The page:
What are the support groups for Spinal Tumor?

You can ease the stress of illness by joining a support group whose members share common experiences and problems.

What is the outlook (prognosis) for Spinal Tumor?

The outcome varies depending on the tumor. Early diagnosis and treatment usually leads to a better outcome.

Nerve damage often continues, even after surgery. Although some amount of permanent disability is likely, early treatment may delay major disability and death.

When should I contact a medical professional for Spinal Tumor?

Call your provider if you have a history of cancer and develop severe back pain that is sudden or gets worse.

Go to the emergency room or call the local emergency number (such as 911) if you develop new symptoms, or your symptoms get worse during the treatment of a spinal tumor.

REFERENCES

Deangelis LM. Tumors of the central nervous system. In: Goldman L, Schafer AI, eds. Goldman-Cecil Medicine. 25th ed. Philadelphia, PA: Elsevier Saunders; 2016:chap 189.

Moron FE, Delumpa A, Szklaruk J. Spinal tumors. In: Haaga JR, Boll DT, eds. CT and MRI of the Whole Body. 6th ed. Philadelphia, PA: Elsevier; 2017:chap 30.

Sciubba DM, Baaj AA, Gokaslan ZL. Spinal cord compression. In: Niederhuber JE, Armitage JO, Doroshow JH, Kastan MB, Tepper JE, eds. Abeloff's Clinical Oncology. 5th ed. Philadelphia, PA: Elsevier Churchill Livingstone; 2014:chap 49.

Top Global Doctors

AS
Elite
Arjun A. Sahgal
Toronto, ON, CA
DM
Elite
David G. Munoz
Toronto, ON, CA
Dirk Rades
Elite
Dirk Rades
Luebeck, DE

Latest Research

Latest Advance
Study
  • Condition: Spinal Hemangiopericytoma/Solitary Fibrous Tumor
  • Journal: Neurology India
  • Treatment Used: Gross Total Resection, Radiotherapy
  • Number of Patients: 10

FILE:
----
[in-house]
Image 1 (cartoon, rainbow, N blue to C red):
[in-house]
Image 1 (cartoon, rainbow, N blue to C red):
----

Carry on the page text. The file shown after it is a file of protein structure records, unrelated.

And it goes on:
• Published —
This review described the outcomes of patients with spinal hemangiopericytoma, a very rare tumor.
Latest Advance
Study
  • Condition: Adult Myxopapillary Ependymomas (MPE)
  • Journal: Journal of clinical neuroscience : official journal of the Neurosurgical Society of Australasia
  • Treatment Used: Surgical Resection and Radiotherapy (RT)
  • Number of Patients: 753
  • Published —
This article discusses the use of radiotherapy (RT) in managing myxopapillary ependymomas (brain and spinal cord tumors; MPE).
Latest Advance
Study
  • Condition: Pediatric Myxopapillary Ependymoma
  • Journal: World neurosurgery
  • Treatment Used: Gross total resection
  • Number of Patients: 5
  • Published —
The study researched the outcomes after total surgical removal for children with myxopapillary ependymoma.
Latest Advance
Study
  • Condition: Patients with Complete Paralysis Caused by Spinal Tumors
  • Journal: The bone & joint journal
  • Treatment Used: Surgery within One Week
  • Number of Patients: 135
  • Published —
This study explored the prognostic factors for postoperative neurological recovery and survival in patients with complete paralysis due to neoplastic epidural spinal cord compression.

Clinical Trials

Clinical Trial
Procedure
  • Status: Recruiting
  • Study Type: Procedure
  • Participants: 8
  • Start Date: June 16, 2020
Validation of Pre-Clinical Nano-Based Analgesics in Cells From Dorsal Root Ganglia
Clinical Trial
Other
  • Status: Recruiting
  • Participants: 900
  • Start Date: December 3, 2019
Duke Spine Outcome Study (DSOS)
Clinical Trial
Procedure
  • Status: Recruiting
  • Study Type: Procedure
  • Participants: 20
  • Start Date: September 21, 2018
Ideal Imaging Time Point Assessment for Spinal Cord Lesions of Unknown Etiology With FDG PET-MRI
Clinical Trial
Other
  • Status: Recruiting
  • Study Type: Other
  • Participants: 60
  • Start Date: September 2018
Clinical Research of the Molecular Phenotype Distribution of H3F3AK27M in Spinal Glioma and Its Impact on TMZ Chemoradiotherapy